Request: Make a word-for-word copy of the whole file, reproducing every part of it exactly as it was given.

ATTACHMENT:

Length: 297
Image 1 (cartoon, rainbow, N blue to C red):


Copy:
Length: 297
Image 1 (cartoon, rainbow, N blue to C red):